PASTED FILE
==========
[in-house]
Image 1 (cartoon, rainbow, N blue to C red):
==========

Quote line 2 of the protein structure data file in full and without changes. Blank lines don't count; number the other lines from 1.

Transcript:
Image 1 (cartoon, rainbow, N blue to C red):